Change the day – Go a step further to changing the time and change the whole day. If Valentine’s Day falls on a weekday and your partner is working, then change it. Pick convenience over calendar and make it more enjoyable and stress-free for everyone.

Remember, it’s not about perfection, it’s about connection. Your main goal is to step away from the chaos of parenthood, recharge a little and be together, even if it’s only for an hour. And even if it’s at home.

Valentine’s Day with a baby will be like nothing you have ever known before – but like most family ‘firsts,’ it can be so memorable. You can and you will still enjoy it – just in a new kind of way!

Happy Valentine’s Day everyone!

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5 Tips For Starting Your Infant On Solid Foods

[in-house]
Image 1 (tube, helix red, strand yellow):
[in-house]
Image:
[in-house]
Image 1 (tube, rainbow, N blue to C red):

By Rachel Rothman, MS, RD, CLEC

At your baby’s four-month visit, your pediatrician may have talked to you about starting your baby on solid foods and probably recommended to start between 4-6 months. It’s usually recommended that baby can be started on solids when they are sitting up mainly on their own, seem interested in food and open mouth when food is offered. As a pediatric dietitian, I answer many questions about infant nutrition and starting baby on solid foods. Here are just a few of the things to keep in mind when your baby is ready for real food:

  1. At the beginning, it’s just for fun.Your baby will still be getting most of his nutrients from breast milk or formula, so your goal should be to help him learn these new behaviors. Eating should be a fun experience, and not stressful. If you begin feeding solid food and your baby has a hard time with it – she’s gagging or fussy – wait and try again. You will not do any damage by waiting a bit.